Tuesday, March 15, 2005

Have You Finished Your Homework?

Your homewark was to swatch with the yarn you want to use for your sweater, changing needles until you match the gauge given in the pattern you are using. If you have done that successfully, you are ready to START! If not, keep swatching or use the Comments to ask for help :-)

If you haven’t already done so, now is a good time to read through the pattern, even if you don’t understand all of it - we will take it step by step, but it is good to have an overall perspective. For instance, I know the pattern is going to have me knit from the neck down, but, at the end, I will be picking up the neck stitches - see section titled Neckband - and adding a few rows (or a hood) to finish the edge.

Since I am going to work both down and up from my cast on edge, it makes sense to use a cast on that is provisional i.e. has live stitches on both edges, unlike the cast one you normally use (long tail or knitted or loop) which has one finished edge and one edge for the working stitches.

I will do a provisional cast on, in the easiest possible way, by crocheting a chain and picking up stitches through the back of the chain.

I use plain white string for my crocheted chain and chain the number of stitches I need to cast-on PLUS ten stitches. The extra stitches allow me to skip any chains that might be malformed plus not have to use the beginning and ending chains. The knot is at the end of my chain where I cut the yarn and pulled it through the last loop. This is a reminder of which end is the one that will zip off when I am ready to remove it.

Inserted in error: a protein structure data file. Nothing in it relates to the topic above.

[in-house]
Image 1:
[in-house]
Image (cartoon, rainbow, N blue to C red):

Turning my chain over, I use my knitting needle to pick up one stitch through every purl bump on the back (skipping the first and last few bumps.) The back loop looks like a purl bump.

Oooops - the instructions tell me to put markers on in the cast on row - let’s try that again...cast on, pick up two stitches, place marker, cast on 16 stitches, place marker, etc.

Looking at my half circle of knitting the center section is the back of the sweater, the sections on either side of it are the tops of the sleeves, and the two stitches on each end of the needle will grow into the front section(s).

I’m using ring markers - you can use anything you can see - rubber bands, paper clips, twist ties. As you come to them in a row when you are knitting, you simply slip them from the left needle to the right. In this pattern they are marking the places you will be increasing.

What you are doing for the first few rows is shaping the back of the neck - if you look at any shirt, you will see the front of the neck is lower than the back - we are working the extra section of fabric in the back.


On Row One you will do you first set of increases - the pattern asks you to increase by knitting into the front AND the back of the first stitch - you are turning one stitch into two stitches. To do this, knit into the front of the stitch. Before slipping the stitch off the needle, place your right needle behind your left needle and knit again into the back of the stitch. Slip original stitch off left needle. There are now two stitches on your right needle.

This increase leaves a little bar (looks like a purl bump) on the right side of your knitting but it doesn’t create a hole. Those of you who are making the Summer Cardigan will be doing a Yarn Over (YO) as your increase because you want a light and airy look. The YO will leave a hole.

Look at the arrow on the right side and you see the little bar that marks where I increased.

Back to the pattern

In the first row, the instructions are telling you to increase before and after each marker AND in the first and last stitch in the row. Turn you work when you reach the end of the row - we will be working back and forth for a few rows before we start knitting circular.

Row 2, which is the inside of you sweater - all you have to do is purl back. Increases are usually done on every other row.

Continue to increase on the odd number rows and purl back on the even rows until your center back section has the number of stitches called for in your pattern.

Next we will cast on stitches at both ends of the needle to add to the front neck section.

To Be Continued :-)